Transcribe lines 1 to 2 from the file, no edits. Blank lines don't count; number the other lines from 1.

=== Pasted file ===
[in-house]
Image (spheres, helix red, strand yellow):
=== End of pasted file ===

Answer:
[in-house]
Image (spheres, helix red, strand yellow):